Reviews

‘Honoured that you are writing my father’s biography’ the late Tony Benn, ‘...wonderfully written’ Hilary Benn

‘Sparkles with fascinating detail…a remarkable story of Liberal and Labour politics in the first half of the twentieth century.’ Michael Crick, Political Correspondent, Channel 4 News

‘Casts much light both on the evolution of British radicalism, and on the legacy which he bequeathed to his son, Tony. Professor Vernon Bogdanor, King's College, London

‘Brilliant biography…wonderful reading about the father and...discovering more about the son.’ Steve Richards of The Independent

‘Well-written and carefully researched, this fascinating biography brings to life a major figure in British political history…an excellent job of weaving together the strands of a complex life…as well as filling in the background of the Benn family’ Richard Doherty, military historian
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Sunday, 28 July 2013

Immigration - Can we believe official figures?



Talking about the sensitive issue of immigration, Conservative MP Bernard Jenkin said ‘Most people would be utterly astonished to learn that there is no attempt to count people as they enter or leave the UK'.

Should we be shocked, worried, disappointed or just accept that realistically it would be too expensive and too difficult to find out the numbers?

We can find out almost anything if we design a suitable system and we are prepared to pay for it. We will always have to accept that there will be a margin of error – but how much is acceptable?

When it comes to actual votes cast in an election, how accurate are these? Exact results are recorded down to the last vote. These figures are pretty accurate, but when there is a re-count, the new result does not always (or even usually) tally exactly with the first count. Human error plays a part. I have been an observer at election counts and in a two-hour session I spotted two wrongly-allocated ballot papers. In this case it would not have mattered because the errors would have cancelled themselves out, but I was just one observer among about 12 and only for part of the count, so a small margin of error is likely to exist.  Fraud, is rare, but not unknown, in British politics. Another reason for doubt about the exact figures is the number of spoilt or dubious ballots, where voters have written on the paper, identified themselves or put a cross which is not completely in one box. Normally the candidates agree on which papers should be counted, but it is not an exact science. But, most people would agree that election results are a fair reflection of the votes cast.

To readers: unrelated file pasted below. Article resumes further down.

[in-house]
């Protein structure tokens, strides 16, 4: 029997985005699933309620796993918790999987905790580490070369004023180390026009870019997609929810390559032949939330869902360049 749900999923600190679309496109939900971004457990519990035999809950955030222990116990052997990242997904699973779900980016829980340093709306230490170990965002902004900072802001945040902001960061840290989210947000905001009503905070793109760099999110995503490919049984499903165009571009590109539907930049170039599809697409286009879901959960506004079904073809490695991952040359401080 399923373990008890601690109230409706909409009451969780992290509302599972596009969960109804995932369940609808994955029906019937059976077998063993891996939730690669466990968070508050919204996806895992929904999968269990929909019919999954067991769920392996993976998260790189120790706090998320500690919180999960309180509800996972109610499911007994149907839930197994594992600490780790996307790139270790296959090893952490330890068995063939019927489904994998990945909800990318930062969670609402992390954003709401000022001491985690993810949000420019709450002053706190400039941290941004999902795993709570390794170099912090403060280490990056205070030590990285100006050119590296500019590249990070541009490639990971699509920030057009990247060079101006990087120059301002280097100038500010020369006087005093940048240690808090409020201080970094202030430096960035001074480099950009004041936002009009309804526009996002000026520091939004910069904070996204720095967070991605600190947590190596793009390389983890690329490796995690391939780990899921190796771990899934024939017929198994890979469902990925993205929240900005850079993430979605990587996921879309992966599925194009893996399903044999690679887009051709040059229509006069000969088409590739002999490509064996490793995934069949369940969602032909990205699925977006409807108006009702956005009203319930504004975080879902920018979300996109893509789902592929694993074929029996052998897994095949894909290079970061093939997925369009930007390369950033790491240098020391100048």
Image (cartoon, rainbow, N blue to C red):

Most people are happy that opinion polls based on a sample of around 1,000 voters are accurate enough to give an idea of the relative positions of the parties and over time they can give a view of trends in support. 95% of the time the figures for party support will be within a margin of 3% of the figure reported. Given the cost of opinion polls, most people would rather have them as an affordable estimate of party support, rather than go without.

For crime figures we have police records and surveys conducted among a sample of the population. Since the figures, arrived at in completely different ways by different organisations, usually tally fairly closely, we can believe that they are a good indication of general trends in crime.

Every 10 years we have a very expensive census, designed to provide an accurate snapshot of the population. I worked on the 2011 Census and the workers were carefully selected, well-trained and the forms and systems were well designed. Households were asked to return their forms by a certain date and then collectors went to all the addresses where no form had been returned. The collectors went back perhaps as many as eight times to some addresses and where no answer could be obtained, neighbours, estate agents and other sources of information were used to try to find out if someone lived there. However, even with this well-designed and expensive exercise, if a householder was deliberately trying to give false information, they were quite likely to have gone unnoticed. The exercise relied on honesty. Most people are honest, but not all.

So, for most practical purposes we have figures which we can be confident are accurate enough for decision-making, not ridiculously expensive to gather and that we have some idea of the limits of their accuracy.

When it comes to the delicate issue of immigration, we could reasonably expect, with all the border checks at air and sea ports, that a pretty close eye is kept on the numbers of people entering and leaving the country. In this context, Bernard Jenkin’s comment that ‘Most people would be utterly astonished to learn that there is no attempt to count people as they enter or leave the UK’ is a valid one. I count myself among the astonished. A major part of the system for counting, or in this case estimating, the numbers of people coming and going from the UK is the International Passenger Survey, which was designed in the 1960s to track tourism, based on random interviews with a sample of travellers. According to the Public Administration Committee, chaired by Jenkin, only 5,000 migrants a year are identified through the survey. Most of the rest of the figures are estimates extrapolated from the survey and with a large (and unknown) margin of error.

Astonished – I think we should be. Would we be happy to know that a football match ended roughly as a draw?..that a cricketer scored somewhere between 97 and 103?..or that Andy Murray was somewhere in the top two or three at Wimbledon?

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